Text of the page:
This would allow the Birkbeck to Beckenham Junction section of the route to become a conventional railway again and have a higher capacity.

This was my conclusion in the post.

By replacing the trams to Beckenham Junction station with tram-trains, capable of running on both 750 VDC types of electrification and with a limited battery capabilty, would simplify operation at Beckhenham Junction and enable Tramlink services to be extended to Bromley South station.

The collateral benefit, is that Bromley town centre could get a Tramlink connection.

Going East from Beckenham Junction station, the track is only double, but if the New Tubes for London were fast enough, they could gp on to Bromley South station.

 

 

 

 

October 7, 2018 Posted by | Transport | , , | 1 Comment

Calls For London Overground Extension To Lewisham

The title of this post, is the same as that of this article on IanVisits.

This is the first paragraph.

Lewisham council has issued a call for the Overground to be extended to Lewisham town centre as part of a wider series of improvements to the local rail and DLR networks.

To extend the Overground from New Cross station, Overground trains would need to be able to cross over to the tracks through the station.

This map from carto.metro.free.fr shows the tracks at the station.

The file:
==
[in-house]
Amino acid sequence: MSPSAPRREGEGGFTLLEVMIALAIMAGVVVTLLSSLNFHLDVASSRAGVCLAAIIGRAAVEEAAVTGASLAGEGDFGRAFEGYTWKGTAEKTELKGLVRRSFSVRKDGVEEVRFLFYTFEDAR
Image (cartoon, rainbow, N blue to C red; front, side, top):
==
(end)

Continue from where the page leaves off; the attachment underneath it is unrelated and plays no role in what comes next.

There are four Overground trains from Dalston Junction station and they terminate in the bay Platform D.

Note how the Overground skirts round New Cross Depot to get to the platform.

This Google Map shows the curve of the Overground Line and what lies between the lines out of London Bridge station and the Overground.

It looks to be the old New Cross depot and a green space surrounded by rail tracks, that is all inaccessible to the public.

I took these pictures as I passed.

Note.

  1. The Lines out of London Bridge are much higher.
  2. It’s quite a big space.
  3. It might be possible to connect the Overground to the down slow line, that goes through Placform C at New Cross station.
  4. It would need a tunnel under the lines out of London Bridge to connect to the up slow line, which is goes through Platform A at New Cross station.
  5. I suspect this connection would be difficult and the lines would have to be slewed to the West, so that trains could dive under the down slow line.
  6. Do Network Rail want to cause all the grief at London Bridge, whilst they built the junction.

It could be a challenging and very expensive project.

It might even be impossible!

On the other hand, it might be possible using flat junctions, but this line is busy and building and operating  them could be the stff of  nightmares.

Trains Services At New Cross Station

Wikipedia says these are the service frequencies at New Cross station in trains per hour (tph)

  • 10 northbound to Cannon Street
  • 4 northbound to Dalston Junction or sometimes Highbury & Islington
  • 2 southbound to Hayes
  • 4 southbound to Cannon Street via Sidcup, or via Bexleyheath and then returning via Greenwich
  • 2 southbound to Orpington, calling at all stations
  • 2 southbound to Tunbridge Wells, non-stop to Orpington then all stations

Merging ten trains to and from Cannon Street with four trains to and from Dalston Junction could be extremely difficult.

It should be said that the interchange between Overground services arriving at New Cross and Southbound services on Southeastern is just a walk across between Platform D and C, which is shown in the picture below.